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Public rights undermined by new telco regulations

6 March 2008

Public rights undermined by new telco regulations

Intrusive telecommunications equipment will be able to be installed as of right, without consultation, on most power poles in New Zealand, thanks to sweeping National Environmental Standards announced today.

"The new standards will allow antennae and other equipment to be installed without consultation or the consent of local residents, with the provision that equipment is no higher than three metres above an existing pole," Green Party MP Sue Kedgley says.

"The Government has completely ignored the public's submissions opposing these regulations and has bulldozed ahead with standards developed by telecommunications companies with a vested interest in rolling out their technologies without the hindrance of having to consult local residents.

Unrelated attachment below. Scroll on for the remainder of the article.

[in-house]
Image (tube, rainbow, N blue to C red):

"Under the new standards, telecommunications companies will be able to clutter power poles in residential areas and even next to schools and childcare centres with new cellular and wireless equipment, including satellite dishes.

"And unless the equipment is in a heritage area, councils won't be able to restrict the permitted activities of the telecommunication companies. No resource consent will be necessary and local residents will have no say in the matter.

"There are increasing concerns about the potential cumulative health effects of new cellular and wireless technologies. The new standards completely ignore these health concerns." Ms Kedgley says.

"Using National Environmental Standards to force infrastructural development on communities and environments rather than set a minimum standard of protection sets a dangerous precedent.

"These standards undermine people's rights to be consulted on developments in their community which could affect their health or amenity values.

"They run against the spirit of the Resource Management Act, which is only to permit development where it does not compromise environment and community values. These undemocratic standards illustrate exactly why the Green Party opposed the 2004 amendment that made this abuse of the National Environmental Standards possible."


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